The most important role of agriculture is to continue to produce and supply food for us. We need to learn how to sustain the agricultural production, how to sustain soil resources for agricultural production, and how to conserve the environment exposed to human activities. Our laboratory is doing research on the nutrient cycles in the agricultural ecosystems. In these ecosystems, the inputs (fertilizer, compost, food, etc.) are identical to human activities, and the resultant leakage lead the environment pollution directly. To date we are carrying out the study on nitrogen (N), phosphorus (P) and silicon cycle by means of field-based monitoring research
[Agricultural land use in watersheds, and the resultant riverine N and P loads]
Rivers and streams is the important pathway for the transport of nutrient from terrestrial land to water reservoir, and also is the water resources for agricultural and human consumption. Nitrogen and P loads from farmland are becoming one of the important environmental issues. We are doing research on the relationship between agricultural land use and the N and P concentrations in the watershed.
[Importance of silica as an environmental capacity of hydrosphere]
Silicate is one of the essential nutrient for hydrosphere ecosystem. Silicate supply to hydrosphere potentially determine the capacity to N and P demands. Nowadays, there are concerns about the reduction of silicate in water bodies due to human activities (dam construction is a well-known example). We are doing research on silicate cycles within the terrestrial ecosystem, and the transport of silicate to the water bodies as dissolved and particulate forms.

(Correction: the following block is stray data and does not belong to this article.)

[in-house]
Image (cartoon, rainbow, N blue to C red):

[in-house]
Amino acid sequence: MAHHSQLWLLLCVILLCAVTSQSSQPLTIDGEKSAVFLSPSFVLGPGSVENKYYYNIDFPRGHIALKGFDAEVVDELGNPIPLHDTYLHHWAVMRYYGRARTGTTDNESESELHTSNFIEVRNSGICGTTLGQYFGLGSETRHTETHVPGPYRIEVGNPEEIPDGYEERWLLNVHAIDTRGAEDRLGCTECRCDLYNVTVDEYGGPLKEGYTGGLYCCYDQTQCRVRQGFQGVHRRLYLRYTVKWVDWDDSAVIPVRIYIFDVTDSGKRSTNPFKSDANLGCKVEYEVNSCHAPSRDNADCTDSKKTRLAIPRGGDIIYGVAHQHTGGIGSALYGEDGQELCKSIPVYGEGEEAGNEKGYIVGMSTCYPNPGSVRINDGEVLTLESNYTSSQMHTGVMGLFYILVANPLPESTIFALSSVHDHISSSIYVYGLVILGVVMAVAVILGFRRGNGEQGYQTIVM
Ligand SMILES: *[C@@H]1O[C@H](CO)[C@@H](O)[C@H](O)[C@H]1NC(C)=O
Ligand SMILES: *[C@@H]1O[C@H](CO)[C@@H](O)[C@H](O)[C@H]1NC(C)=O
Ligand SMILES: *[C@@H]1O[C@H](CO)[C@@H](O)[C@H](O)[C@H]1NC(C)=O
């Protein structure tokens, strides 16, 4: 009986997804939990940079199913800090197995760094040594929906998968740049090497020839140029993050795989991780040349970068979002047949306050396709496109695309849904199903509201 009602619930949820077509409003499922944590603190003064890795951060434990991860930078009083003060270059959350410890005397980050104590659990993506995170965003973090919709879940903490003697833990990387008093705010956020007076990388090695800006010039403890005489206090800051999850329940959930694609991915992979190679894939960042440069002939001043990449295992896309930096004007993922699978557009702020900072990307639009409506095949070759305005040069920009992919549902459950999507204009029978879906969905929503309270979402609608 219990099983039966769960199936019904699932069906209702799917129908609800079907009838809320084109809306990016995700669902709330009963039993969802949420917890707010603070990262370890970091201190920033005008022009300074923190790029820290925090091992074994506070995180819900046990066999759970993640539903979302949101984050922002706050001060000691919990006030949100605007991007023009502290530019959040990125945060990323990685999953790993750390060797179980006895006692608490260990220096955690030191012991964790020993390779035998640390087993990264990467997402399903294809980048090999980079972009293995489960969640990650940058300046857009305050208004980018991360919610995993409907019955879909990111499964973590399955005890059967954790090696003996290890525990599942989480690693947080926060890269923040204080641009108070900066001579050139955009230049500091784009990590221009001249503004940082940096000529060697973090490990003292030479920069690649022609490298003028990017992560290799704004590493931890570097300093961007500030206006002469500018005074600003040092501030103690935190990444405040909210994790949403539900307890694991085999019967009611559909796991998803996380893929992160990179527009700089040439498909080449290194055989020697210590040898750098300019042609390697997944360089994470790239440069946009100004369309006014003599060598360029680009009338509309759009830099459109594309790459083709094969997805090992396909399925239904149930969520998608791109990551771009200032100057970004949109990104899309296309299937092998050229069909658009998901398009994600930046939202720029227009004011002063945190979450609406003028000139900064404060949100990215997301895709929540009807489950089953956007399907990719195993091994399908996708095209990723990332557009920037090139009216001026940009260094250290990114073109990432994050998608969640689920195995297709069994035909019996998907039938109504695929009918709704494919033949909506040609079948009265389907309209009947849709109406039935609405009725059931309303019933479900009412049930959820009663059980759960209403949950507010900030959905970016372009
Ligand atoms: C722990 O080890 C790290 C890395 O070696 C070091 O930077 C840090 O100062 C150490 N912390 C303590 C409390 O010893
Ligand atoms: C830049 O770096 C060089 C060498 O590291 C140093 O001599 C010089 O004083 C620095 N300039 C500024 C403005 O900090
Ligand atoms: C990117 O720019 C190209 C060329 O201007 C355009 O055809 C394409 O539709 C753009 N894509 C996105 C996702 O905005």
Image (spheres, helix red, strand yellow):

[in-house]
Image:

[How much phosphorus is actually needed?]
Currently, a huge amount of P is accumulated in intensive farmlands in developed countries including Japan. It is called “legacy phosphorus”. Only a little amount of P lost in runoff water and leachate, which is negligible agronomically, could be often enough the water bodies to make eutrophic. We are studying the relationship soil P status and runoff risk, with focused on rice paddies. Simultaneously, we also study the efficient use of legacy P for paddy rice production.
[How to select and how much use the organic amendments in organic farming?]
Recently, many studies have reported that excess nutrients were accumulated due to heavy application of external compost and the other materials in organic fields in Japan. We are focused on such nutrient accumulation in terms of yields, efficiency of nutrient use, and nutrient loss into the environment, with special reference to paddy rice and leafy vegetables.
In addition, biochar is an alternative way to carbon sequestration, and also will be hopeful as a soil amendments. Focused on bamboo biochar, we try to evaluate the functions of biochar to improve soil quality.
[The nutrient cycles in regional food system]
The transport of human foodstuffs and animal feed from agricultural areas to cities, and from exporters to importers, is part of the larger picture of the transfer of nutrients. We try to quantify such nutrient flows, and are looking for scenarios that manage with respect to nutrient resources for production and the nutrient load into the environment.